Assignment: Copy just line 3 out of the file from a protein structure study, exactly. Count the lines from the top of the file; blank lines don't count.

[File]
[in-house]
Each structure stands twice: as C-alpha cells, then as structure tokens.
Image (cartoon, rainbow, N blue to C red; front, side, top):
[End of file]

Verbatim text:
Image (cartoon, rainbow, N blue to C red; front, side, top):